These funds have supported the new cellular immunotherapy unit which supports the setup and implementation of complex clinical studies in both Haemato-Oncology and solid tumours cell thearpies.
Immuno-oncology is an area of research that explores the interaction between cancer and the immune system to find new treatments. These treatments are known as immunotherapies, and they detect and destroy cancer cells with the aim of eliminating or curbing the growth of cancers. Immunotherapy is a game-changer in the treatment of cancer, and The Royal Marsden is at the forefront of these developments. Thanks to previous Charity funding, The Royal Marsden now has one of the largest cellular therapy trial portfolios in the world for solid tumours.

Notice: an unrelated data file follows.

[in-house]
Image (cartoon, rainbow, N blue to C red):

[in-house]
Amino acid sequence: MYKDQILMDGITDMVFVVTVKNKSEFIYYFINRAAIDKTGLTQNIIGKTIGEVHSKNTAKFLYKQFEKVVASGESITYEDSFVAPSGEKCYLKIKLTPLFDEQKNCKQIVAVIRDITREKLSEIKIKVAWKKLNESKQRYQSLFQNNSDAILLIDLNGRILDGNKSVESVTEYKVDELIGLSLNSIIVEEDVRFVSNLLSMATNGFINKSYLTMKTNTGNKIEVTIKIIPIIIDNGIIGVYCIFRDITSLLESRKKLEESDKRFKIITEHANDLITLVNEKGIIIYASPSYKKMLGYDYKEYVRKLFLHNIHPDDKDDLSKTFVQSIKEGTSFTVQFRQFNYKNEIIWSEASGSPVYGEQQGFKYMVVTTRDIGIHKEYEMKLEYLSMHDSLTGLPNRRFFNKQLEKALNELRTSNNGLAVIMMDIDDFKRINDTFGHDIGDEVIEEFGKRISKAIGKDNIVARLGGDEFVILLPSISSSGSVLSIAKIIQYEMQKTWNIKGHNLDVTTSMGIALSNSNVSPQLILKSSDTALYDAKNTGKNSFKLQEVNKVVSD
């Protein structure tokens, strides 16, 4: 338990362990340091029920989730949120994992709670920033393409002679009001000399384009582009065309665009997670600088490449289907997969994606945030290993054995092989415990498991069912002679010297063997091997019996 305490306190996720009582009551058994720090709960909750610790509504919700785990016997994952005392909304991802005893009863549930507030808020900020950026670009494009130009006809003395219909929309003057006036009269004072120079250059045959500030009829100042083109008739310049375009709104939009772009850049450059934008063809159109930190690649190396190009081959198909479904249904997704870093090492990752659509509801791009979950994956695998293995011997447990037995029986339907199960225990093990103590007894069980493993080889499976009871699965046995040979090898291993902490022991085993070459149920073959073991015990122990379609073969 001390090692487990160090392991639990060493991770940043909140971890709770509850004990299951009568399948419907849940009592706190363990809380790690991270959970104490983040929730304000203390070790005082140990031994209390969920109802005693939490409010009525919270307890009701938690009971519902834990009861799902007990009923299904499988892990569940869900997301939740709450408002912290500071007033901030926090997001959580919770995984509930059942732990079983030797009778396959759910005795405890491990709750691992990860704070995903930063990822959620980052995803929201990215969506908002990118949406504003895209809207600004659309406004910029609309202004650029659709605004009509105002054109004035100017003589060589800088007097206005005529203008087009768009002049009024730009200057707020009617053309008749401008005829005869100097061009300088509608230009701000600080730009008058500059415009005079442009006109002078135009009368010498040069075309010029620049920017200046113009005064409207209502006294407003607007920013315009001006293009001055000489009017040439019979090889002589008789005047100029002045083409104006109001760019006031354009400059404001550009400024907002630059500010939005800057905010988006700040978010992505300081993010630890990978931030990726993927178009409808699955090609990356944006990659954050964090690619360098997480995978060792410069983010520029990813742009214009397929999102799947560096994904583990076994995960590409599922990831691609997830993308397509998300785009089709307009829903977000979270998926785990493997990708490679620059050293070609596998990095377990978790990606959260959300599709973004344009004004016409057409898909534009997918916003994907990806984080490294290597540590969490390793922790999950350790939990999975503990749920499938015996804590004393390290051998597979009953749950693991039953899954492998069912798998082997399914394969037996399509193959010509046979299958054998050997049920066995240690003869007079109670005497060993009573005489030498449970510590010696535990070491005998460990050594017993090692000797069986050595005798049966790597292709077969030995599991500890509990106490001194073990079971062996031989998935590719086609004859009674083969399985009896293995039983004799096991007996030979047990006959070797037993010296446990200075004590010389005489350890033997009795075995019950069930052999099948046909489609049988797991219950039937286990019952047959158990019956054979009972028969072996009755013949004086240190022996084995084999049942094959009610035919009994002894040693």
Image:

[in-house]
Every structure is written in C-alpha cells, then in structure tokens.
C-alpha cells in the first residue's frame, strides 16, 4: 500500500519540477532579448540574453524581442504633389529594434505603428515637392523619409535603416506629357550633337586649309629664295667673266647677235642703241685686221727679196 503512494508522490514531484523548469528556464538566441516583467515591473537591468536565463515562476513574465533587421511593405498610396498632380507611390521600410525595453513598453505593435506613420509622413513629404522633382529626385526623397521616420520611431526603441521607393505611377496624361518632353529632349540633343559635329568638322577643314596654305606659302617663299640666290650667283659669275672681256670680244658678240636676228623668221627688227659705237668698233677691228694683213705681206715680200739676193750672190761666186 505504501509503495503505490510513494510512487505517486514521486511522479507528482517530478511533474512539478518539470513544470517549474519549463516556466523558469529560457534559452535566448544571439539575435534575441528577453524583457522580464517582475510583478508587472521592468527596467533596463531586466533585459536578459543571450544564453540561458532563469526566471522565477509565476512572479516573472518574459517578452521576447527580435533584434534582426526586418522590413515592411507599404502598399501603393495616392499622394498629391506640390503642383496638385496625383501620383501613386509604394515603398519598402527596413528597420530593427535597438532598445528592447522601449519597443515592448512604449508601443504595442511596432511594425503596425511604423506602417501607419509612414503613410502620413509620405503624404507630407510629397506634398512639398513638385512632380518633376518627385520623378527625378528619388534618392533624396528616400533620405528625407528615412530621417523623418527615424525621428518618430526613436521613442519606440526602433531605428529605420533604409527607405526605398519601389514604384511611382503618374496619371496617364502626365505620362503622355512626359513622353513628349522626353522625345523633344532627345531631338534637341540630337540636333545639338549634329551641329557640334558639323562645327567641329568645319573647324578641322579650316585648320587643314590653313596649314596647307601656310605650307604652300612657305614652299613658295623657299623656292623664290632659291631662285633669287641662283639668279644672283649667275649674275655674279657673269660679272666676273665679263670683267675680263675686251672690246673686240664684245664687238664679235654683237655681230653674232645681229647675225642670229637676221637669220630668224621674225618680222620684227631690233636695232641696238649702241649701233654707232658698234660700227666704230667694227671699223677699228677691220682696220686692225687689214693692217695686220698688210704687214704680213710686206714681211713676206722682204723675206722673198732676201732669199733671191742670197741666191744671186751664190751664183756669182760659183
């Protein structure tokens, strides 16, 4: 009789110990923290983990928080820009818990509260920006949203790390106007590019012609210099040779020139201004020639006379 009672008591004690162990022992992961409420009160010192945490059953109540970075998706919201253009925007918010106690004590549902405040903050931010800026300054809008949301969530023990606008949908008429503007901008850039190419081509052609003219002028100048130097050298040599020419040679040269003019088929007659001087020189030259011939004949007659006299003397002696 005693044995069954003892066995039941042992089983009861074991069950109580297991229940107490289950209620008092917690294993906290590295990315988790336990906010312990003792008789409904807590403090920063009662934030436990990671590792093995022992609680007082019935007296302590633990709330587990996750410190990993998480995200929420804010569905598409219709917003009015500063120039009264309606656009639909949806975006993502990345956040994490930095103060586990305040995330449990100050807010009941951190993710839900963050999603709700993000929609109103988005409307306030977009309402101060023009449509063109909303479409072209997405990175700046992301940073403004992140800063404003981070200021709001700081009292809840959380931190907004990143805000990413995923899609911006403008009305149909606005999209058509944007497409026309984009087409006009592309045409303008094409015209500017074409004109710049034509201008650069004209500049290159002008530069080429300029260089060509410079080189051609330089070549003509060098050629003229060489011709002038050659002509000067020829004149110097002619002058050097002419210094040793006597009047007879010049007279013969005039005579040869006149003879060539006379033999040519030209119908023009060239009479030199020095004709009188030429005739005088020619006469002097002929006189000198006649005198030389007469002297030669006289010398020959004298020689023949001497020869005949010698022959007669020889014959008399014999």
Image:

The Royal Marsden’s new cellular immunotherapy unit aims to build on the success of the cellular therapy research which has taken place at The Royal Marsden so far. The unit has been established to support the set up and implementation of complex clinical studies, that will explore how effective cellular therapies are in treating blood cancers and solid tumours. It will focus on whether we should be using cellular therapies as a first-line treatment, understanding why some patients experience adverse side effects and how to select patients who will have the best response. Funding will include the appointment of clinical research fellows: focusing on CAR-T cell therapy, haemato- oncology cell therapy trials and laboratory research to determine the underlying mechanisms of response and resistance to cell therapies for solid tumours.